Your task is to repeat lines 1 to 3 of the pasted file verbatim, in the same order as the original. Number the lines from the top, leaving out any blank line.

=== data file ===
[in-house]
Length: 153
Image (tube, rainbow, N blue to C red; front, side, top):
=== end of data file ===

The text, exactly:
[in-house]
Length: 153
Image (tube, rainbow, N blue to C red; front, side, top):